Probably not repurposed, but certainly an antique, the old wooden trunk in the master bedroom is a perfect space for extra blankets and pillows.  Old trunks often held treasured not-in-use items in early American homes.  A perfect blend of vintage and contemporary... the old trunk under a flat-screen TV on the wall. 

The custom made dining table on the porch is sturdy enough to withstand the natural elements of wind, rain, snow, etc...  The wooden base is solidly engineered with interlocking large supports, instead of being nailed or screwed together.  The top appears to be stained concrete with a smooth, easily cleaned surface. 

2.  Materials used in unexpected ways 

Take another look at the kitchen backsplash.  Not only do the colors echo the natural woods, the shape of the backsplash echoes the outline of a mountain range.  How stop-in-my-tracks-and-look-again is that design?

Pure inspiration!  Not only is it a unique nod to the natural settings, it uses scrap pieces of left-over granite.  Economical, purely functional, and an original designer piece.

How I would love to be able to visualize such a creative idea! I'm struck by how the graining of the granite imitates the rock striations of mountains.  Thinking about remodeling your mountain cabin kitchen?  You might want to check out the scrap granite at your local stone supplier.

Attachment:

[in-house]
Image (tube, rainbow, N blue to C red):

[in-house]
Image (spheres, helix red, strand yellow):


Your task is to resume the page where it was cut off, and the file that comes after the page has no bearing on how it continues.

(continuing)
Variegated grain adds to the beauty of the simple door facings.  This one is in the guest bath allowing it to be seen and enjoyed by most of the people who come to visit the house.  So, when choosing where to place your showiest wood grain pieces, think about who will see it.  Do you want to put it where a great number of people will see it or do you want to put it in a more private space, such as the master bath, where you will be able to enjoy it many times every day? 

The porch railing just fades into the background without obstructing the view because the railing is made from galvanized welded steel corral fencing available at farm and ranch stores.  This is another economical, light-bulb-moment material used in a highly unexpected way.  Easy to find, easy to install, and super safe with a strength that withstands abuse from LARGE farm animals.  

The decks around my house are currently being replaced (they are over 26 years old), and after seeing this house, corral fencing is what we plan to use for our new railing system.  Our local Tractor Supply store keeps this corral material in stock, 16' by 4' panels, for about $60 per panel.  Check your local farm and ranch stores for pricing in your area. 

3.  Small tabletop items 

Sparsely placed, unique custom pottery becomes a focal point to be admired instead of being overlooked in a more cluttered tabletop arrangement.